Dispatch from the field: Diogo Milagre, Mozambique

By Oxfam
Diogo Milagre is Deputy Executive Secretary of the National AIDS Council, the agency within the Mozambican government that coordinates the national response to HIV/AIDS. Photo: jazkarta

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On ownership: "I've been listening to the donors tell me they want to listen to what the government wants for the last 15 years—is this true or is it just rhetoric?"

"In the southern part of Mozambique, HIV prevalence is going up, in part because of the traditional practice of having more than one long-term partner. So, the government of Mozambique, besides promoting condom use in a large scale, it is planning to promote a massive campaign on multiple and concurrent sexual partnerships. Now, concerning the scaling up of condom promotion, some partners, mainly PEPFAR, have not picked this up among their priorities. Rather, they preach abstinence and faithfulness. Meanwhile, support for procurement of medicines has been to push us towards the use of brand name drugs. I've been listening to the donors over the last 15 years telling us they want to listen to what the government wants—is this true or is it just rhetoric?

"We can plan by ourselves, we know our HIV priorities. When it comes to best practices, listen to us. You cannot just read the books that are written elsewhere in Europe or America, you have to experience what we do on a daily basis. You have to be integrated into the socio-anthropological mindset of people in order to make sure that the messages that you leave in the community pass through the generations."

On PEPFAR & donor coordination: "Sometimes we only know something is happening when they ask us to just endorse whatever they want to do."

"Sometimes it's difficult for all the donors to coordinate—they agree to do so, and then they just continue to follow the same practices as before. The Global Fund has signed the MOU [Memorandum of Understanding], but they insist on keeping bilateral contracts with both the Ministry of Health and the CNCS, so the Mozambican government has to do duplicative reporting to the Global Fund.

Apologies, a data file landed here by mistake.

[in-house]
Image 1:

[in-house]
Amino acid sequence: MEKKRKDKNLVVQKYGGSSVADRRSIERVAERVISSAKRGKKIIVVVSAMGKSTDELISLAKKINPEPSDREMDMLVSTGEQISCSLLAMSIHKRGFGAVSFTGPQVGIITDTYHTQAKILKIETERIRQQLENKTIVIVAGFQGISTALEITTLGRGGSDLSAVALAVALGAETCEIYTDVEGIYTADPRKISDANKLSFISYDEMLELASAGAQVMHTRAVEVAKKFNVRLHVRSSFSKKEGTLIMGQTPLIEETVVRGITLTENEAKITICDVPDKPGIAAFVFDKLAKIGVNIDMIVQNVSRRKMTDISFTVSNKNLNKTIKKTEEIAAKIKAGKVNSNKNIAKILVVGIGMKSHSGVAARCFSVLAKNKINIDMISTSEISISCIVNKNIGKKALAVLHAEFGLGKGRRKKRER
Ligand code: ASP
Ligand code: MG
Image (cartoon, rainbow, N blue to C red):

"What the US's PEPFAR has done does make sense in some ways. The capacity building process with PEPFAR is good, and there are also programs that I would say are very good, like the CDC's support to the Ministry of Health for prevention of mother-to-child transmission. However, here in Mozambique we have the Memorandum of Understanding and a general code of conduct for HIV work. Most partners have signed both, while the US has only signed the code of conduct. PEPFAR is about 70% of donor funding for HIV/AIDS in Mozambique. The other donors who signed the MOU represent only about 30% of aid to HIV in Mozambique. PEPFAR is a huge funding stream that doesn't align with the MOU.

"If better coordinated, I think PEPFAR's results could be more visible and better. PEPFAR's particular weakness as far as I am concerned resides in sharing information. Sometimes we only know something is happening when they ask us to just endorse whatever they want to do. Until they send us a letter or even a phone call: "Diogo, you know, there is another amendment in our support, an increase in our funding for HIV/AIDS. Could you liaise with the Ministry of Foreign Affair so as to see this process signed up..." I definitely have to do that, because at the end of the day, the money benefits our community and my people. But in doing that, I'm not saying that we are better coordinated, no, I still complain."

On how to improve: "Come into my planning cycle"

"There's another way that things should be: you have to come into my planning cycle and tell me that, look, I'll be intervening here and there, and therefore, if you have some priorities here, tell me, so that I don't put emphasis on those type of areas where the Americans or whomever are already working.